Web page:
‘Provided You Don’t Kiss Me’ has to be one of the quirkiest book titles in the library of football. Then again, its subject is one of the most colourful and charismatic characters in the game: Brian Clough. Written by a – then – rookie Nottingham Post reporter, Duncan Hamilton, it traces the local media-manager relationship during the glorious and tumultuous reign of ‘Old Big ‘Ead’ at Forest.
It’s an impressively written account (William Hill sports book of the year 2007) that is insightful, entertaining (how could it not be?) and often touching. A friend currently reading it keeps reminding me of details I’d half-forgotten. We get day-to-day Clough, the successful and then broken-bond seasons of working with Peter Taylor, his outward show of utter self-belief and much more. And there’s a sprinkling of quotes. ‘We talk about it for twenty minutes and then we decide I was right,’ says Clough, on dealing with players who disagree with him. You cannot help but think there’s magic in those pages but it would be of little use as a manual for management.
It’s just one of several references to football management that have come my way in recent weeks, via the screen, stage, page and pitch. The Reds, we all know, have been deeply involved with their own saga as to who they feel is the best fit to lead Forest. Cooper’s departure was a mixture of the agonising and the inevitable. Now the culmination of so much recent focus on managers comes with news that Jurgen Klopp is to step down as Liverpool manager at the end of this season. That has already unlocked some fine tributes to the man and his management style as he’s gained respect well beyond Merseyside during his years at the club.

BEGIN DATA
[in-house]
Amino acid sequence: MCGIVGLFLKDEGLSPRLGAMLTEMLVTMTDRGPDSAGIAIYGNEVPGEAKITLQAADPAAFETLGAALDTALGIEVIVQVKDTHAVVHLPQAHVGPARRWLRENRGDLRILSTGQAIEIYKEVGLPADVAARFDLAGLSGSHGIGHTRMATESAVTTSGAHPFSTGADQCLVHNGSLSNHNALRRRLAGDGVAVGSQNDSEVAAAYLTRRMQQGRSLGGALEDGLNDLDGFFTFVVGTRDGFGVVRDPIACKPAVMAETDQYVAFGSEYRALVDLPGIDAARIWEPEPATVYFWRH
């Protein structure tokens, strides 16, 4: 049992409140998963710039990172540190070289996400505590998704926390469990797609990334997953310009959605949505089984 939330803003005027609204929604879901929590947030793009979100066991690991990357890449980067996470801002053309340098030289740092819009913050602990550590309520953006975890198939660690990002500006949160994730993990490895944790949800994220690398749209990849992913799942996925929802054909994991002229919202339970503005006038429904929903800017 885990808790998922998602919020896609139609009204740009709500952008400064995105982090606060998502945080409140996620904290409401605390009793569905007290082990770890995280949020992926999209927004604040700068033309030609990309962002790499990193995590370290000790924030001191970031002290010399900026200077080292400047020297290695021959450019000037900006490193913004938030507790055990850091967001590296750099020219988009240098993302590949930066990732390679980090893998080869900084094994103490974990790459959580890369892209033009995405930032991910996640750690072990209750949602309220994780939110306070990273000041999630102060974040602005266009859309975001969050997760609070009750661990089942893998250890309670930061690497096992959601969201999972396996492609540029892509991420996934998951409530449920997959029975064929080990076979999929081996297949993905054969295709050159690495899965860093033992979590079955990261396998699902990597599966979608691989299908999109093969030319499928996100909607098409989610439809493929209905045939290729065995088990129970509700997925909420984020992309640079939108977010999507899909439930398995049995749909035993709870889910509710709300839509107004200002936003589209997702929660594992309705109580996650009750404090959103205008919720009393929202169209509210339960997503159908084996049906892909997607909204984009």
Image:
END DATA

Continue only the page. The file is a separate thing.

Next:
‘In an era short on admired leaders, Jurgen Klopp has been a rare role model,’ says journalist Simon Kuper in a recent article. He talks of characteristics Klopp exhibits that others – not just in football – would do well to note. On arriving in England, he immediately worked to understand what the club meant to everyone involved. ‘He understands that the whole point of professional football is shared communal emotion.’ That’s Kuper again, as he identifies the key qualities of Klopp. Surprisingly, one strength he highlights is the German’s ability to delegate effectively. He provides the vision but training and match tactics are left to his trusted team. That’s confidence.
Confidence, we know, is a given when we talk of success in any sphere, be it self-confidence, confidence in others or both. It can be conjured like alchemy or necessitate patience to breaking point. Sat in our local Odeon recently, I caught a film that slipped under the radar of most of my football friends and they missed a treat. ‘Next Goal Wins’ follows the true story of just about the worst team in international football. American Samoa (never heard of it? Nor had I.) lost 31-0 to Australia in a World Cup qualifier in 2001.